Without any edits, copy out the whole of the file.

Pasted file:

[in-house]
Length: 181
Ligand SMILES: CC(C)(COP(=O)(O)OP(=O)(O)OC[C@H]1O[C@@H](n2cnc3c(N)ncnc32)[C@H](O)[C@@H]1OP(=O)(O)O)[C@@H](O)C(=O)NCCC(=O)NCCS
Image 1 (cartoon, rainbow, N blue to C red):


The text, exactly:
[in-house]
Length: 181
Ligand SMILES: CC(C)(COP(=O)(O)OP(=O)(O)OC[C@H]1O[C@@H](n2cnc3c(N)ncnc32)[C@H](O)[C@@H]1OP(=O)(O)O)[C@@H](O)C(=O)NCCC(=O)NCCS
Image 1 (cartoon, rainbow, N blue to C red):